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You may have a 36/37 pan on a later L/Z. motor. What year is your car? If you have only 2 oil holes at back on top of bell housing its likely to be 36/37, 38 onward motors have 3 oil holes out back, except very early 38 motors, we wont go there, information overload. 36/37 motors dont have hydraulic lifters, they have solid lifters and dont have the same oil gallery system the hydraulic lifter blocks have. The oil filters are Bi-pass on all L/Z motors even when drained into the pan. The oil passing thru. the filter is bi-passing the motor, thus its called a Bi-pass filter not a bi-pass for the hauldraulic lifters or anything. The filter can be by-passed if it becomes blocked thru. lack of changing, this is done automaticlly under the inlet manifold by the metering valve which senses the lack of oil flow over it so opens up and delivers unfiltered oil from the main gallery direct to the hydraulic lifters.

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my car is 37 and has only two holes in the bell housing so most likley is a 37. it runs realy well but not real quiet like the old v8 flatheads run. it has some ticking. is there anyway to find out if it has hyd lifters without pulling it apart. thanks lyle

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As your car is a 37 with only two holes on bellhousing its more likely to be a 37 motor with solid lifters. Hydraulic lifters Can Not be fitted to 37 motors, they do not have the oil galleries to lubricate the Hydraulic Lifters. Solid lifters do sound clickey as there are 50% more than in a sidevalve V8,thats why hydraulic lifters were fitted to 38 onward L/Z motors to get rid of the tappett noise. If you remove the fuel pump and look down the hole in manifold you can see if theres a metering valve 1 inch. plug, there shouldnt be, that means solid lifters.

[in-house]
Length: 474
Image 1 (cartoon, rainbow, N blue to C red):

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Lyle, by some chance your engine might be equipped with adjustable tappets? The Johnson style adjusable tappets used in the Flathead Fords may have been installed in your engine years ago if it was rebuilt? You should be able to tell by removing the fuel pump stanchion and take a look at one of the valve/spring assemblies near by. Look for a hex head cap screw between the bottom of the valve stem below the spring and on top of the lifter. This adjusting screw screws into the top of the lifter.

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My problems continue. I have a new oil filter and 15/40 synthetic oil and a clean filter canister. The oil pressure is high when cold and drops after warming up, but can be raised again by higher rpms. But after a few more miles the pressure will not come up again and the lifters start tapping away. I assume the next step is to check the rear bypass next to the fuel pump push rod. I thought it would be in good shape as the engine rebuilder seemed to know what he was doing and I had given him the engine manual for reference.

Ralph